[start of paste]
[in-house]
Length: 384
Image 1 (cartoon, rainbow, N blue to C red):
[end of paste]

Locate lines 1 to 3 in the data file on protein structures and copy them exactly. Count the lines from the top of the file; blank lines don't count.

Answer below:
[in-house]
Length: 384
Image 1 (cartoon, rainbow, N blue to C red):